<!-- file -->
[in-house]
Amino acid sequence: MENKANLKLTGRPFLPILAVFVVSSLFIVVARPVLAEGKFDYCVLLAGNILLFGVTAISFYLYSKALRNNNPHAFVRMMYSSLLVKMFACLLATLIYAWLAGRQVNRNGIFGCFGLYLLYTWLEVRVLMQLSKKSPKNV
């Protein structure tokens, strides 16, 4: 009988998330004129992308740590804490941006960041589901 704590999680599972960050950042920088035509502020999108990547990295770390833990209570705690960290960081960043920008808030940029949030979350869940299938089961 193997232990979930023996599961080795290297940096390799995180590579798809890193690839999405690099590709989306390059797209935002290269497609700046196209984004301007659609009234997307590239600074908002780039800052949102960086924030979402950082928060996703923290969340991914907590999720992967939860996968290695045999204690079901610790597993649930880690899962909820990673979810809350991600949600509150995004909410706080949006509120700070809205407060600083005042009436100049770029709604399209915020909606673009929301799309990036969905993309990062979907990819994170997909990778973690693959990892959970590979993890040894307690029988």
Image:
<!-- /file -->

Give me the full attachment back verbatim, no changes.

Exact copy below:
[in-house]
Amino acid sequence: MENKANLKLTGRPFLPILAVFVVSSLFIVVARPVLAEGKFDYCVLLAGNILLFGVTAISFYLYSKALRNNNPHAFVRMMYSSLLVKMFACLLATLIYAWLAGRQVNRNGIFGCFGLYLLYTWLEVRVLMQLSKKSPKNV
């Protein structure tokens, strides 16, 4: 009988998330004129992308740590804490941006960041589901 704590999680599972960050950042920088035509502020999108990547990295770390833990209570705690960290960081960043920008808030940029949030979350869940299938089961 193997232990979930023996599961080795290297940096390799995180590579798809890193690839999405690099590709989306390059797209935002290269497609700046196209984004301007659609009234997307590239600074908002780039800052949102960086924030979402950082928060996703923290969340991914907590999720992967939860996968290695045999204690079901610790597993649930880690899962909820990673979810809350991600949600509150995004909410706080949006509120700070809205407060600083005042009436100049770029709604399209915020909606673009929301799309990036969905993309990062979907990819994170997909990778973690693959990892959970590979993890040894307690029988």
Image: